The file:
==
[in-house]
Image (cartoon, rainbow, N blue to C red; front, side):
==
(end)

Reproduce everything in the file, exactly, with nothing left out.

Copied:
[in-house]
Image (cartoon, rainbow, N blue to C red; front, side):